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You Can Become a Storyteller

By Dr. Flora Joy

Family get-togethers and children's parties are the perfect time to gather a crowd and share stories. Whether they're stories steeped in tradition or simply perfect for the occasion, every story has the potential to awe, amuse, and entertain your listeners. The key is in the telling. Both novice and seasoned storytellers can always enhance the storytelling experience by following a few simple steps. While our guide will get you started, remember that what you bring to your tales --your own experiences, knowledge, interests, and character -- is what makes your storytelling truly unique.

Choosing A Story
The first step in becoming a storyteller is to find a story that you will truly want to tell. If you aren’t “sold” on the story, it will show when you tell it. Your body language will reflect how much you like (or dislike) the story. To find your first story consider the following:

1. Start With the Library
There are many volumes of story collections in the 398.2 sections of practically all libraries. Most librarians are very eager to assist you in selecting some anthologies that might fit your interests. Also ask your librarian to show you some popular children’s books as possibilities. Be aware of the fact that you may find yourself reading dozens (or even hundreds) of stories before one reaches out and “grabs” you.

2. Look In Your Own Life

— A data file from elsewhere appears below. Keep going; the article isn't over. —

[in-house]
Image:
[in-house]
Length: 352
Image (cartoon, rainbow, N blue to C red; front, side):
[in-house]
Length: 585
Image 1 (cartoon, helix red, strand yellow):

Look in your own life for any possible personal stories you might want to craft. Be careful, however, because many new tellers tend to make these personal stories much too loooooonnnnnnggggg for most audiences. If the stories you tell will likely be ones that you create about your own life, listen to the personal stories designed by the professionals and see how they have made them appealing to listeners (but never tell their personal stories as if they happened to you).

3. Examine Your Own Story Collections
Even stories you loved as a child may prove interesting possibilities.

4. Listen to Professional Recordings
Listen to story recordings done by the professionals—but don’t “borrow” their stories. They’ve put in countless hours to craft and deliver these stories to perfection and to put their own unique flavor in the telling. However, you can learn from how they have crafted their stories, and soon you will have your own story ingredients and flavors.

Learning the Story
After choosing a story, follow the method many professional storytellers use to learn the story. Read the story over many times until the story’s “voice” becomes very familiar. Then practice with the first part of the story until it feels right coming from your voice. Continue with each section of the story until you’ve reached its end.

Memorizing can get you into deep trouble - try to put the story in your own natural language.Many of my students have asked about memorizing a story. Although some tellers memorization as their method of learning a story, the short answer for beginners is: memorizing can get you into deep trouble. If you are depending upon strict memorization, something can cause you to “lose track,” then you are in a bind with your listeners. Consider trying to put the story in your own natural language so that if you ever get “stuck,” you can continue with your own conversational patterns. Do keep in mind, however, that literary material should remain true to the original language. Also, a very few authors will not agree for their stories to be told unless it is “word for word.”

Knowing when you’ll be ready/able to tell your first story depends upon how adventuresome you are. Many storytelling workshop leaders suggest that you “tell the story to the wall” several dozen times before you have a “real audience.” Others suggest that you begin with a very small audience and admit that your story is a work in progress (so they won’t expect perfection).